The Greek master, Horace, wrote over 2000 years ago that writers should not use Deus ex Machina (literally translated as God in the Machine) to get your character out of a sticky situation. It is still as true now as it was then. You cannot introduce a new character or give your character a new ability right at the end of your story to get them out of a sticky situation.

Of course, there are ways around this. If your character is stuck on the top of a tower and you want a large bird to come and rescue them, and it is a fantasy world and they are a wizard, you can establish earlier in the book that they can talk to animals (don't use this, as it's from Lord of the Rings). If your character is stuck in a room and suddenly they know how to pick a lock, have it established earlier in your story that they can pick locks.

Basically, the reader wants to be surprised by the ending, but they also feel cheated if they feel they weren't given all the information. If you wonder how the character is going to get out of the pit of snakes before he gets bitten, and then suddenly he gets a whip out and uses it to climb out of the pit, that's fine as long as we know he had the whip with him in the first place, and we as readers will laugh and say 'oh yeah, I forgot he had that.' But if suddenly he has the whip we will think 'well that's convenient. But when did he get that?'

4. What has the Character learned?
Your main character should have grown, developed, and learned something by the end. If they are a treasure hunter and all they want is treasure, do they give up said treasure at the end to save someone's life, thereby learning that human life is more important that any treasure? Are they a workaholic who learns, maybe tragically too late, that family is more important than work? It's like saying there has to be a moral at the end, but without making it sound too contrived.

5. Sum up but lose the sappy.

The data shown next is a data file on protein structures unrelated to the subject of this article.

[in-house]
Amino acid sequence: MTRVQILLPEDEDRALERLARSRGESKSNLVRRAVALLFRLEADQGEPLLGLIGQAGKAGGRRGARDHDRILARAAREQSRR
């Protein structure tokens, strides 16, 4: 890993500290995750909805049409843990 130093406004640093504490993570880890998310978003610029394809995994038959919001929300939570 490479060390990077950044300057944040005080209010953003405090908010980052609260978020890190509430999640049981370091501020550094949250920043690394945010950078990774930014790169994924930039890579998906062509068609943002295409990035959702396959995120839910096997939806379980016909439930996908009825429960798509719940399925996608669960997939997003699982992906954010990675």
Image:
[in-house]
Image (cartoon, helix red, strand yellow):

Naturally you have to tie up loose ends, although not all loose ends need a tie (do we really care what happened to Jimbo's hat in chapter 4) but there are some that really do need sorting out (did Jimbo's brother ever find his way out of the woods?)

There is a danger, though, that the last couple of chapters consist of the character watching the sunset while they discuss all they have learned. Even established writers can do this (The Lost Symbol by Dan Brown) so don't worry if you made this mistake. Just be aware that it is boring, and is likely to leave your readers with a sickly taste in their mouths.

6. 'But my book is a Series'
Doesn't matter. Harry Potter is a series, but it still has an ending to each book. Lord of the Rings is a trilogy, but the ending of each book still feels like a natural break. There are some questions you can leave unanswered, especially if they are questions set up for the entire series. But each book in the series should have its own theme, and the questions set up in those books should have a conclusion. The reader wants to feel satisfied that the book they have just read is complete. By all means put in a cliff hanger, but answer that books questions first.

Well, this is it for me. If you have any questions or want any more advice on writing, please feel free to email me at rebekahhumphreybullen@hotmail.com I am always happy to help.

Yours truly,
Becky